The rocket surged upward with a blast of fire soon punctuated by the thunder of applause. The night itself was near-perfect, marred only by the knowledge I was watching a mirage, a smoke and mirrors light show projected onto the Washington Monument, and not the real thing. That’s where I was on Saturday, July 20, 2019 – fifty years to the day since human beings first did the once unthinkable by planting boots on lunar soil. Sadly, I wasn’t around when it really happened. I didn’t get to live in a nation galvanized to such a righteous cause by the soaring oratory of its president.
A lot can change in fifty years. Nowadays, I generally tune out politicians. More than a few of them strike me as narcissists or blowhards or bullies or cowards, and sometimes all of the foregoing at once. (I was always put off by how my college poli sci classes were populated with people who liked to hear themselves talk and were dead set on law school.) Then along comes a politician who forces me to sit up and listen. We’re going back to the moon in five years? Poppycock. More smoke and mirrors, right? As I said, I don’t trust most politicians any farther than I can throw them, but this time I can’t help but hope.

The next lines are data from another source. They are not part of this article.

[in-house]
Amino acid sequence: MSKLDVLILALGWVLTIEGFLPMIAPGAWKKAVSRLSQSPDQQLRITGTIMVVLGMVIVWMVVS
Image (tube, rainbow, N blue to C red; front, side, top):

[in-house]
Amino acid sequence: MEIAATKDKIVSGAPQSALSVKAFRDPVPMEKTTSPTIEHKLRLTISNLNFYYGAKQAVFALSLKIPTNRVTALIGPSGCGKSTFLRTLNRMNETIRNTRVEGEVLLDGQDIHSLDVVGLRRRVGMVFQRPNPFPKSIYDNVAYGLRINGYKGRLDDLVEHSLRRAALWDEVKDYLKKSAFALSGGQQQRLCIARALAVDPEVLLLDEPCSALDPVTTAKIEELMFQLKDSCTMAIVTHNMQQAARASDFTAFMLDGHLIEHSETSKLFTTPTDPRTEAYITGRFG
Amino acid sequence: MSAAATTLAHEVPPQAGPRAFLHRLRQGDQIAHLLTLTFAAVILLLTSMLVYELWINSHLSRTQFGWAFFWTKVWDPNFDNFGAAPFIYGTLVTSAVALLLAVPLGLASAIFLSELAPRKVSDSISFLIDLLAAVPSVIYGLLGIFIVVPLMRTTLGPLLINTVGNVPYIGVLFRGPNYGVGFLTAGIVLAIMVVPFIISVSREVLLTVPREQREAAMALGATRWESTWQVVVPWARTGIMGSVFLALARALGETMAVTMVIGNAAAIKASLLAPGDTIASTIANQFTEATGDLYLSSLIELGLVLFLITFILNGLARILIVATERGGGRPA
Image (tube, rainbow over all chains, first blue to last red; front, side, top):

Let me tell you somewhere else I was on Saturday. I spent the late morning/early afternoon at the Smithsonian National Air and Space Museum in Chantilly, Virginia, and as I stood there at the intersection of the Wright brothers and the sophisticated death machines of World War II, I suddenly realized how quickly progress can happen after a single, singular breakthrough. The once unthinkable becomes reality and then so much more. The giant leap from Orville and Wilbur to Neil and Buzz isn’t, I suppose, as far as one might think.
So, this is where I go off the rails, but please stick with me here: I believe in my heart of hearts that mankind was meant to conquer the stars. We’ll get back to the moon. We’ll push on to Mars. And that’s just the beginning. I don’t have all the answers, and I certainly don’t own a crystal ball. I’m just armed with confidence in the power of man’s ingenuity and faith in the human spirit. Yes, I’m a hopeless optimist, but trust me on this one. We’ll get there.
Would that it were in my day. And who knows? Maybe it will be. A lot can change in fifty years.